Patient With Situs Inversus Stabbed In The Right Flank
F Casanova, M Zulu, F Oliver
acute abdomen, dextrocardia, situs inversus, stab wound
F Casanova, M Zulu, F Oliver. Patient With Situs Inversus Stabbed In The Right Flank. The Internet Journal of Surgery. 2008 Volume 20 Number 1.
A situs inversus is a congenital condition in which the positions of the major visceral organs are reversed. This autosomal-recessive genetic condition can be X-linked or found in identical twins. The frequency of situs inversus varies among different populations: it is less than 1 in 10 000 people, with a 5-10% prevalence of congenital heart disease, most commonly transposition of great vessels. The incidence of congenital heart disease is 95% in situs inversus with levocardia. Here we present a 29-year-old male who was admitted in the Surgical Ward, Vryheid Hospital, Kwazulu Natal Province, for suffering from a right flank stab in the abdomen. Dextrocardia was confirmed after doing a physical examination and a preoperative chest x-ray. The patient suffered from a septic shock and he needed to be resuscitated. Laparotomy revealed situs inversus (with appendix and liver lying on the left side of the abdomen, stomach and sigmoid colon on the right side), generalized peritonitis due to a perforated small-bowel loop and a sigmoid mesentery laceration. Evacuation of peritonitis, resection of perforated bowel, end-to-end anastomosis in two layers with Vicryl 2/0, placement of a suction drain (6mm) and wash-out with saline solution were done as operative procedures. The patient’s postoperative evolution was good and uneventful and he was discharged on the eighth postoperative day. The recognition of situs inversus is important for preventing surgical mishaps that result from the failure to recognize the reversed anatomy or an atypical history.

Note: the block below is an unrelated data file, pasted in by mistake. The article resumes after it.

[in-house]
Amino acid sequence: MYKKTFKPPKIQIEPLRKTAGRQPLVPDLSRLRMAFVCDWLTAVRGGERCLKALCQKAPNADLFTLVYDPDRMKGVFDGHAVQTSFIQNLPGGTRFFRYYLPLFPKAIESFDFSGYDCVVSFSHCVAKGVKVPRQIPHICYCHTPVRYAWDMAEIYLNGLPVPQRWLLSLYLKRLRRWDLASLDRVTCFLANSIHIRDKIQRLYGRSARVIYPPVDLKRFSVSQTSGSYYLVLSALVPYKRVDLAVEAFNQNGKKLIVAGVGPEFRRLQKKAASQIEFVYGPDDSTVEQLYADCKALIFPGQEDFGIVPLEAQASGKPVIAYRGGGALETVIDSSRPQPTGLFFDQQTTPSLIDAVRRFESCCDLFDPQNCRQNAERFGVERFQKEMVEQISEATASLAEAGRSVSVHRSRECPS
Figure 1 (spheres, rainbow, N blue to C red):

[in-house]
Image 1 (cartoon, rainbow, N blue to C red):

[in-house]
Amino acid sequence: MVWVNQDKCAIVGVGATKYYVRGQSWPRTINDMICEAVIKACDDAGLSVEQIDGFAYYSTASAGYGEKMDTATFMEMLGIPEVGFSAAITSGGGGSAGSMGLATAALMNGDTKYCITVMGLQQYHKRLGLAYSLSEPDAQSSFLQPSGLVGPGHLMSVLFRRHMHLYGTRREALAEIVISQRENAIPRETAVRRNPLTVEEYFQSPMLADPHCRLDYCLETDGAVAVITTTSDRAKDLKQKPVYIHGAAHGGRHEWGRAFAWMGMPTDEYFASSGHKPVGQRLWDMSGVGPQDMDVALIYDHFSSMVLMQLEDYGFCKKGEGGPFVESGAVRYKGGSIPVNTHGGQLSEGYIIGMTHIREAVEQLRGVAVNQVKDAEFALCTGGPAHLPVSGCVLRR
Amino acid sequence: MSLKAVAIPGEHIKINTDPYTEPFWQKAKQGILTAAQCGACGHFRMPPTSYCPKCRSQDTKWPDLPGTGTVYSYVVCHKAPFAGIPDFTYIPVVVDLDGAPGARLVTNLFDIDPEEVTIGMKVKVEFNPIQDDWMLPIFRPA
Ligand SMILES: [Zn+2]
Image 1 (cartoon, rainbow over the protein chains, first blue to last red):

Marco Severino first recognized dextrocardia in 1643. More than a century later, Matthew Baillie described the complete mirror-image reversal of the thoracic and abdominal organs in situs inversus. The situs describes the position of the cardiac atria and viscera [1, 2, 3, 4, 5, 6, 7, 8, 9, 10]. Situs solitus is the normal position, and situs inversus is the mirror image of situs solitus. The cardiac situs is determined by the atrial location. In situs inversus, the morphologic right atrium is on the left, and the morphologic left atrium is on the right. The normal pulmonary anatomy is also reversed so that the left lung has 3 lobes and the right lung has 2 lobes. In addition, the liver and gallbladder are located on the left, whereas the spleen and stomach are located on the right. The classification of situs is independent of the cardiac apical position. The terms levocardia and dextrocardia indicate only the direction of the cardiac apex at birth; they do not imply the orientation of the cardiac chambers. In levocardia, the base-to-apex axis points to the left, and in dextrocardia, the axis is reversed. Isolated dextrocardia is also termed situs solitus with dextrocardia The cardiac apex points to the right, but the viscera are otherwise in their usual positions. Situs inversus with dextrocardia is also termed situs inversus totalis because the cardiac position as well as the atrial chambers and abdominal viscera are a mirror image of the normal anatomy. The remaining internal structures are also a mirror image of the normal. Situs inversus totalis that is associated with primary ciliary dyskinesia is known as Kartagener syndrome [11, 12, 13].